Understanding Variable Length Subnet Masks (VLSM)

We have a limited number of private IPv4 addresses that can be used in every organization. The Internet Assigned Numbers Authority (IANA) has assigned several addresses ranges to be used by private networks, which are Class A, Class B, and Class C. As the Internet and most of the organizations are aggressively growing, we need a way to eliminate wasting IPv4 address. One of the ways we can maximize the use of private IPv4 addresses in the organization is subnetting.

Subnetting is a way of dividing a network into one or more networks in the most efficient way. The reason why we need subnetting is to efficiently distribute an IPv4 address with the least wastage and to create more networks with the smaller broadcast domains. To efficiently use subnetting, we need to use Variable Length Subnet Masking (VLSM).

 

How to Implement Variable Length Subnet Mask (VLSM)?

We will use the below network topology diagram as we go through the steps of implementing the Variable Length Subnet Mask (VLSM). In this example, we will subnet on HQ LAN.

VLSM

 

1. Identify the host required for each LAN network.

HQ LAN – 50 hosts

BRANCH 1 LAN– 30 hosts

BRANCH 2 LAN– 20 hosts

WAN 1 (HQ to BRANCH 1) – 2 hosts

WAN 2 (HQ to BRANCH 2) – 2 hosts

WAN 3 (BRANCH 1 to BRANCH 2) – 2 hosts

The total host required is 106 hosts.

 

2. Determine the class of IP subnet. To determine the class of IP subnet that we need to use based on the required number of hosts, we will use the formula:

 Total number of hosts required (usable IP address) = 2H  - 2

 

Where H is the host bit which is 6. Here, we will not use the network address and the broadcast address as we only need the usable IP address for the hosts.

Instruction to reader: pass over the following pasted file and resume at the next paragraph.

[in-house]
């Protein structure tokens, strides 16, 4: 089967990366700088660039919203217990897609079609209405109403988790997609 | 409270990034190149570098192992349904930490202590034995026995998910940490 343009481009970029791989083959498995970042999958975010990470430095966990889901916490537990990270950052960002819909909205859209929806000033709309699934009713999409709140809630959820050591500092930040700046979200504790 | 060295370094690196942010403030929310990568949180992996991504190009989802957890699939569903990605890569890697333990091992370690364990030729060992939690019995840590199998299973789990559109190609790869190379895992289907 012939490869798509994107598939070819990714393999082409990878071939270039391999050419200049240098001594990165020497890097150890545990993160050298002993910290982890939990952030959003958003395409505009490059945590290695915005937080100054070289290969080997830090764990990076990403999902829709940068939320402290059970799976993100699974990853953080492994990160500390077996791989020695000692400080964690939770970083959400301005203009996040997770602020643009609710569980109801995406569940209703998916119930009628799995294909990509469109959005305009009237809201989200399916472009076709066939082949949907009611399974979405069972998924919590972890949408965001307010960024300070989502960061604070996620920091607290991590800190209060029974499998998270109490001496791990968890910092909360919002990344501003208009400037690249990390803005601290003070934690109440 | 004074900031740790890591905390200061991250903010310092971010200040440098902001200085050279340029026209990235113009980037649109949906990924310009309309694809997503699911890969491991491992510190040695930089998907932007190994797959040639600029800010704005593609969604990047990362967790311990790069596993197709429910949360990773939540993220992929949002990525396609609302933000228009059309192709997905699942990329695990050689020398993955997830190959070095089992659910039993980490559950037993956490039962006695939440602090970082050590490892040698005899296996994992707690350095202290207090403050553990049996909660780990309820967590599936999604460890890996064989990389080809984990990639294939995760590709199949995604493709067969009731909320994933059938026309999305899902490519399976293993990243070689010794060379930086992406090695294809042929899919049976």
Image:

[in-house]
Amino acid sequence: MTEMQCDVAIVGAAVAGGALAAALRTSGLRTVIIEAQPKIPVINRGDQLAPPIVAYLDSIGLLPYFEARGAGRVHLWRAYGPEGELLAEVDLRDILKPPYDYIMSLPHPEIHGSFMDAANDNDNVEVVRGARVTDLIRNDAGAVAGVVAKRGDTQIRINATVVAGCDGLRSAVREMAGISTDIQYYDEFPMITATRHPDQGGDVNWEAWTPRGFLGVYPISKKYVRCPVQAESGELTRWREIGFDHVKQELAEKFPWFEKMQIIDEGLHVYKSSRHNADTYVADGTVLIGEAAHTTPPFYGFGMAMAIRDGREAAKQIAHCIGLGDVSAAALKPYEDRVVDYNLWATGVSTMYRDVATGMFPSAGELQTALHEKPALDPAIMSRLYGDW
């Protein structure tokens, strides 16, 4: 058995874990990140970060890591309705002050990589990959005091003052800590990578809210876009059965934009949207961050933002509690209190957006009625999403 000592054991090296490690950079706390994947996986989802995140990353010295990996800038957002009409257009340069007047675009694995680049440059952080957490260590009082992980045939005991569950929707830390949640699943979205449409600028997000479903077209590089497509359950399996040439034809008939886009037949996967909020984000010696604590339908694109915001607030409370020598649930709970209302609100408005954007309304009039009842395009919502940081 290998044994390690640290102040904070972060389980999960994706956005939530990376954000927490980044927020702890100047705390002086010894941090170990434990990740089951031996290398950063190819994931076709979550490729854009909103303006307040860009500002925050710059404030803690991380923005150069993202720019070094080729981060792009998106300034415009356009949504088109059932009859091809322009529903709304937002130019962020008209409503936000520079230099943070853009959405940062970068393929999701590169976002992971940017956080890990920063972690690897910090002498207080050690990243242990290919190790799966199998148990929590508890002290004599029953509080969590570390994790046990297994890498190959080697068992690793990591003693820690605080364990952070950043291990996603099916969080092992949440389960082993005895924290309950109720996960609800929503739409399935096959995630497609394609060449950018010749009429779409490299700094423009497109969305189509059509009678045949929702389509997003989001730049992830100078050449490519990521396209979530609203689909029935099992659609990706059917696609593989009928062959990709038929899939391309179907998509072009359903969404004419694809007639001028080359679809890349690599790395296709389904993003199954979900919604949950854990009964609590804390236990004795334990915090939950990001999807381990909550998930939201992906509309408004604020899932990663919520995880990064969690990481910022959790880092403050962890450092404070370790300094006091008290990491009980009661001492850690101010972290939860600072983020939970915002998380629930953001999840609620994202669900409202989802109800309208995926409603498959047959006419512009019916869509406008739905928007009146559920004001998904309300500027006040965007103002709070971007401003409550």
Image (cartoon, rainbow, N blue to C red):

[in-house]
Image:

Class A has 16,777,216, class B has 65,536, and class C has 256 IP addresses. As per our sample topology, we need only 106 hosts, and then we will use Class C.

 

3. Identify how many bits are there in the host requirement of every LAN. In our example, HQ LAN has 50 hosts, and then the host bit is 6 bits.

 

4. Get the new subnet mask. In our sample network, the new subnet mask for HQ LAN is /26, and the long format is 255.255.255.192

 New Subnet Mask = 32 – number of host bits

 

5. Get the increment. In HQ LAN, we have 64 increments.

 Increment = 255 – 192 (the last octet of the subnet mask)

 

6. Compute for the ranges of host IP addresses. By using the increment, which is 64, the HQ LAN range is from 192.168.10.0 to 192.168.10.63. Please note that the network address of the subnets (range) is 192.168.10.0 and the broadcast address is 192.168.10.63. The usable IP address of the range is from 192.168.10.1 to 192.168.10.62

 

Now, we are done with subnetting the HQ LAN. To implement VLSM, we need to do subnetting as well on the remaining LAN and WAN networks, which are BRANCH 1 LAN, BRANCH 2 LAN, WAN 1, WAN 2, and WAN 3. Get the range of IP addresses of the most-required IP subnet which is “BRANCH 1 LAN”. Follow the “BRANCH 1 LAN” IP range after the IP range of “HQ LAN”. Then follow it by the second most-required IP subnet, which is “BRANCH 2 LAN”, until all the subnets required for all the LAN and WAN on the network are assigned.

 

Below are the host bits, subnet mask, increment, and IP ranges on each subnet of the network topology we used in our example:

HQ LAN:

Number of Hosts – 50

Host Bits – 6 bits

Subnet Mask – /26 or 255.255.255.192

Increment – 64

IP range – 192.168.10.0 to 192.168.10.63

 

BRANCH 1 LAN:

Number of Hosts – 30

Host Bits – 5 bits

Subnet Mask – /27 or 255.255.255.224

Increment – 32

IP range – 192.168.10.64 to 192.168.10.95

 

BRANCH 2 LAN:

Number of Hosts – 20

Host Bits – 5 bits

Subnet Mask – /27 or 255.255.255.224

Increment – 32

IP range – 192.168.10.96 to 192.168.10.127

 

WAN 1:

Number of Hosts – 2

Host Bits – 2 bits

Subnet Mask – /30 or 255.255.255.252

Increment – 4

IP range – 192.168.10.128 to 192.168.10.131

 

WAN 2:

Number of Hosts – 2

Host Bits – 2 bits

Subnet Mask – /30 or 255.255.255.252

Increment – 4

IP range – 192.168.10.132 to 192.168.10.135

 

WAN 3:

Number of Hosts – 2

Host Bits – 2 bits

Subnet Mask – /30 or 255.255.255.252

Increment – 4

IP range – 192.168.10.136 to 192.168.10.139

 

You can follow the steps we did on HQ LAN subnetting and use a different number of hosts for the remaining LAN and WAN networks.

 

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